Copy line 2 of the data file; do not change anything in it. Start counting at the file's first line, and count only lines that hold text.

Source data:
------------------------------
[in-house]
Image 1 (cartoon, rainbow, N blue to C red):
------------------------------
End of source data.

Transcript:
Image 1 (cartoon, rainbow, N blue to C red):